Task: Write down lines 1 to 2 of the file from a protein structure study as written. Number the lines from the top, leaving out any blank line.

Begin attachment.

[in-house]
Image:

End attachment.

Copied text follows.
[in-house]
Image: